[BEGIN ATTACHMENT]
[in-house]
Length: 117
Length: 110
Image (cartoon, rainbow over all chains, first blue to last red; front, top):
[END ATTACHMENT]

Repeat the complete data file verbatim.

[in-house]
Length: 117
Length: 110
Image (cartoon, rainbow over all chains, first blue to last red; front, top):